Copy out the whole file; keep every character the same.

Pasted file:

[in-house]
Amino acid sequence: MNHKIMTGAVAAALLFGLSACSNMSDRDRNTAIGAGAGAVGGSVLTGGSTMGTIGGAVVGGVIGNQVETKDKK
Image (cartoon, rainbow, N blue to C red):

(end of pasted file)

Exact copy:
[in-house]
Amino acid sequence: MNHKIMTGAVAAALLFGLSACSNMSDRDRNTAIGAGAGAVGGSVLTGGSTMGTIGGAVVGGVIGNQVETKDKK
Image (cartoon, rainbow, N blue to C red):